With Republicans' tax reform plan finally starting to take shape, it's a good idea to look into how your favorite tax breaks could change. While there are likely to be substantial changes to the tax reform plan before it potentially becomes law, it seems clear that many of today's itemized deductions will no longer exist. So if you qualify to take these deductions, now would be a good time to do so.
State and local taxes (SALT) deduction
The SALT deduction is the single most popular itemized deduction in America; in 2013, nearly 43 million households claimed this particular tax break. Unfortunately, it's not on the (very short) list of itemized deductions that the GOP plans to retain in tax reform.
The state and local taxes deduction allows you to deduct either income taxes or sales taxes applied at the state and local level. In addition to one of these two options, taxpayers can deduct real estate property taxes, personal taxes (such as the excise tax many areas charge on automobile registration renewals), and pretty much any other non-federal taxes.
Medical expense deduction
The medical expense deduction is one of the trickiest to qualify for, because you can only deduct expenses exceeding 10% of your adjusted gross income, whereas most AGI-based itemized deductions allow you to claim expenses exceeding 2% of your AGI. However, for taxpayers with high medical expenses, this deduction can be a significant relief. In 2013, nearly 9 million households claimed the medical expense deduction.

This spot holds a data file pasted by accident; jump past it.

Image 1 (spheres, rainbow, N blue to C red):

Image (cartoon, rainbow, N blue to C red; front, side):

Because this deduction may be gone as soon as next year, scheduling any upcoming expensive medical procedures for this year would be wise, even if that means getting the work done a few months early. Grouping a lot of big healthcare-related expenses in a single year will get you the biggest possible deduction, making these expenses somewhat more affordable.
Casualty and loss deduction
If you suffer financial losses due to some disaster, such as the recent spate of hurricanes, you can claim any losses not reimbursed by insurance as an itemized deduction. Losses caused by human disasters, including theft and vandalism, can also qualify for the deduction. To get this tax break, you fill out Form 4684 (a regrettably complicated form) and transfer the resulting figure over to your Schedule A, the primary form for reporting itemized deductions.
Job-related expense deduction
Any unreimbursed employee expenses can be deducted as an itemized expense. So if you did any driving related to your job (other than commuting from home to office and back, which doesn't count), took any business trips that your employer didn't reimburse in full, or paid for education that was directly related to your job, you can claim a deduction for any and all of these expenses. To claim job-related expenses, you fill out Form 2106 or 2106-EZ and transfer the final result to your Schedule A.
The tax framework document that the GOP released in late September makes it clear that the party's plan for tax reform retains just two itemized deductions: the mortgage interest deduction and the charitable contribution deduction. It's possible that some of the other existing itemized deductions will survive in a different form, perhaps as non-itemized deductions. But until more information on tax reform makes its way out of Congress, it's best to assume that these deductions are going the way of the dodo.